Damning reports finds ‘deeply concerning picture of mismanagement’
The government is to take control of Liverpool council’s planning, regeneration, property management and highways departments for the next three years after a damning report into the administration found a “serious breakdown of governance”.
Communities secretary Robert Jenrick said that commissioners will be sent to intervene at the departments after the report painted a “deeply concerning picture of mismanagement”.
A government inspector had found a “failure of proper and due process across planning and regeneration, including a worrying lack of record-keeping” at the authority.
Jenrick said that documents had “sometimes been created retrospectively, discarded in skips or even destroyed”, adding there had been a “lack of scrutiny”, “dysfunctional management practices and “dubious contracts” at the highways department.
He said the report had uncovered an “overall environment of intimidation” at council operated companies in which “the only way to survive was to do what was requested, without asking too many questions”.
Acting Liverpool mayor, Wendy Simon and its chief executive Tony Reeves, said: “This is a difficult day for our organisation and we take the report findings extremely seriously.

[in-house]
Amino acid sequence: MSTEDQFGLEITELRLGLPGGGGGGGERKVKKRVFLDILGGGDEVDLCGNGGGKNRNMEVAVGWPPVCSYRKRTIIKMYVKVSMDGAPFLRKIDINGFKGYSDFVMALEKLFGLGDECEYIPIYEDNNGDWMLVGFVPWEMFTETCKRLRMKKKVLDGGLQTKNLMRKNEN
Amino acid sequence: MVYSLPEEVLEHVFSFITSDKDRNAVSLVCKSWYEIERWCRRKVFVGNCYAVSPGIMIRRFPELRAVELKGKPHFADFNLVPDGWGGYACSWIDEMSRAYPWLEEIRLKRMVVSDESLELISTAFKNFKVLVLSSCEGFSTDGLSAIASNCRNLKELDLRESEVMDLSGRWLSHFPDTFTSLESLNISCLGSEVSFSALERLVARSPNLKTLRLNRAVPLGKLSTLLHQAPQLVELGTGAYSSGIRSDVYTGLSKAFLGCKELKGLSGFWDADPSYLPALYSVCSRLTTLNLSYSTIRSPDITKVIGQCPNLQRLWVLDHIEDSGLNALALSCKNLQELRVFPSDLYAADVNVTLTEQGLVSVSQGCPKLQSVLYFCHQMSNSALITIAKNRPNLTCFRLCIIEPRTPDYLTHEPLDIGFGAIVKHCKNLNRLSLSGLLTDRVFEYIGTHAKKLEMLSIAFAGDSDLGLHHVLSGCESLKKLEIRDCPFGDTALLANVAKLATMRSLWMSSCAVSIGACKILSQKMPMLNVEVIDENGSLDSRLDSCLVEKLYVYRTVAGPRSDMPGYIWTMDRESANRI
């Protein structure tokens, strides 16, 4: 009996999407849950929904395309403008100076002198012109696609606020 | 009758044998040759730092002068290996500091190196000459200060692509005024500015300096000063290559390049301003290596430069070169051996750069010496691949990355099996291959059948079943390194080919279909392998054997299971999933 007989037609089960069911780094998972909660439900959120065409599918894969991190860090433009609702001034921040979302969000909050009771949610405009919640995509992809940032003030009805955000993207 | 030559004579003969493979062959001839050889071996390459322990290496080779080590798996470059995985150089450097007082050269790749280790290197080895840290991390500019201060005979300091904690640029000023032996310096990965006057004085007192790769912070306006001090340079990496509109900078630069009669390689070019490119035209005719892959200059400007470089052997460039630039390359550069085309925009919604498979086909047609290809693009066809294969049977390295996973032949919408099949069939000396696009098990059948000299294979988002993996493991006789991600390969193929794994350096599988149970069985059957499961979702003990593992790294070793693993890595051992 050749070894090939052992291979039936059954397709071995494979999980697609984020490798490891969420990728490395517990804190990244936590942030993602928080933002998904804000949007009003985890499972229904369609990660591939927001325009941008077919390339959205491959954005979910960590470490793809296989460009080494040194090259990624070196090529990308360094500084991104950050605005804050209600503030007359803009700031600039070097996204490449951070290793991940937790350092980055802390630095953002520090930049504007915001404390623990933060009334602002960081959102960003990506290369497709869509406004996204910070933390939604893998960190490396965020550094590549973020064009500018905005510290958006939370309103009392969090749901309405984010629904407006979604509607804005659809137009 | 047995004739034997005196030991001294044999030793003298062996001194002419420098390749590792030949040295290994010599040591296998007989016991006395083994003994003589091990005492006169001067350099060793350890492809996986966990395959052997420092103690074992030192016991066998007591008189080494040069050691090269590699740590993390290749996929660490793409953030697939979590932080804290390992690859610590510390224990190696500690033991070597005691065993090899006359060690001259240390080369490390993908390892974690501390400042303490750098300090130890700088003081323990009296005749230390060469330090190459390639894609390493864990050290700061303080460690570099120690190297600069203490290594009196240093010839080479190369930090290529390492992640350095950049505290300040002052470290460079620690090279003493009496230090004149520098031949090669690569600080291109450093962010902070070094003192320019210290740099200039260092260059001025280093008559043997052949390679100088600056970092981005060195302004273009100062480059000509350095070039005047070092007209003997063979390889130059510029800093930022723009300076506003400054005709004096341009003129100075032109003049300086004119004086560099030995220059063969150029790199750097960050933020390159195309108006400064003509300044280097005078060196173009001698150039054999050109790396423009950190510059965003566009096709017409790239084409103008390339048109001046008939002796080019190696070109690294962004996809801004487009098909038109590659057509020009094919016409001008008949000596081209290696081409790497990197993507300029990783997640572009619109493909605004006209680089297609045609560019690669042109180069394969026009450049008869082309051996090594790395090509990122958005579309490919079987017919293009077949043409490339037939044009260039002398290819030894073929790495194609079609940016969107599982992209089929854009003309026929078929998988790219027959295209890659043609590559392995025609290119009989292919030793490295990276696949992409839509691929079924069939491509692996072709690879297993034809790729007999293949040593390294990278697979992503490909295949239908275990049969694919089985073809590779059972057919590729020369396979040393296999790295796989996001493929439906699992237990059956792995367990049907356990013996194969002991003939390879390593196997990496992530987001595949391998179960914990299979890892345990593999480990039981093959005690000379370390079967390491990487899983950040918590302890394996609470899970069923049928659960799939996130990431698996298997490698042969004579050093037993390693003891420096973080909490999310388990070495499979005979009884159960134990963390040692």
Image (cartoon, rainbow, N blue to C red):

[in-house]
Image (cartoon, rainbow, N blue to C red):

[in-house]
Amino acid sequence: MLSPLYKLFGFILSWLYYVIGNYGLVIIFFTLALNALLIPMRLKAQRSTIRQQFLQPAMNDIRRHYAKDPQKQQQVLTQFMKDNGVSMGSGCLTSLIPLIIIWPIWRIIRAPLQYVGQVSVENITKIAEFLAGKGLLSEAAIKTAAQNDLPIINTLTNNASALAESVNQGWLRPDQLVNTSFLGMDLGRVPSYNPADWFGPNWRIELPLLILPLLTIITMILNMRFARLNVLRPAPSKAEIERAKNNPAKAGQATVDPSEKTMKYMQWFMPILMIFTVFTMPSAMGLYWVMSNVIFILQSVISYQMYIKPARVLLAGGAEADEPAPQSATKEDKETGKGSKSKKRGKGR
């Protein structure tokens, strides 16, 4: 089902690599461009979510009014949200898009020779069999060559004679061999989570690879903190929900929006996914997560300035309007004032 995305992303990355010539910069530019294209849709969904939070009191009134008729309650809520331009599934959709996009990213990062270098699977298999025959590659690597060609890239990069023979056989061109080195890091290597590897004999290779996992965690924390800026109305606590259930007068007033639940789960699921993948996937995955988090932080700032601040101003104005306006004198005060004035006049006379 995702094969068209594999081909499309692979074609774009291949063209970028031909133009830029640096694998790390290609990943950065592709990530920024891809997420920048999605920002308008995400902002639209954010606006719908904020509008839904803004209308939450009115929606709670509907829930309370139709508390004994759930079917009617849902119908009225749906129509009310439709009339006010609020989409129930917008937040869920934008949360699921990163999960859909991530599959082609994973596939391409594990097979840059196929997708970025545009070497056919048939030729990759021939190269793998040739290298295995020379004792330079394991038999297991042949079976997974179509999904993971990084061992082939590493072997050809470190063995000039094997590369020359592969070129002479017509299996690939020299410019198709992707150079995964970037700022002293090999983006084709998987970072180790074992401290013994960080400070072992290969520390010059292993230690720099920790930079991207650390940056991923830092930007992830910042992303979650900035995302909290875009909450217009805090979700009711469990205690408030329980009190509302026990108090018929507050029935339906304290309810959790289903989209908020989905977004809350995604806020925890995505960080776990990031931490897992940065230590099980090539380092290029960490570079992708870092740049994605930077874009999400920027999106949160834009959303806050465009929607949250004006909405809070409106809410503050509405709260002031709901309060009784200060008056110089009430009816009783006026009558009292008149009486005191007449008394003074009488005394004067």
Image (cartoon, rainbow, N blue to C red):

“The inspector’s report has highlighted several failings, but there is a collective commitment from both councillors and officers to learn from these mistakes.
“We would like to reassure all residents and businesses that we will take action to address all of the issues highlighted. We know we need to rebuild your trust.”
Shadow communities secretary Steve Reed said the Labour party accepted the report “in full” and would hold a review into “severe institutional weaknesses”. The city sends 14 Labour MPs to the House of Commons and last had a Conservative MP in 1983.
The report, by government inspector Max Caller, was ordered following the arrest of Liverpool mayor Joe Anderson in December last year on suspicion of conspiracy to commit bribery and witness intimidation.
Anderson, who denies wrongdoing and has called the allegations “absurd”, was held as part of a fraud investigation into the awarding of building and development contracts in the city.
The investigation, called Operation Aloft, has also seen the arrests of developer Elliot Lawless and council regeneration chief Nick Kavanagh. Neither men have been charged.
Kavanagh was dismissed from his role earlier this week following a week-long hearing by the council’s appointments and disciplinary committee to deliberate on his position.
A government intervention is considered a last resort and has only happened four times before.
Parts of Tower Hamlets council were taken over by the government in 2015 after elected mayor Lutfur Rahman was found guilty of electoral fraud.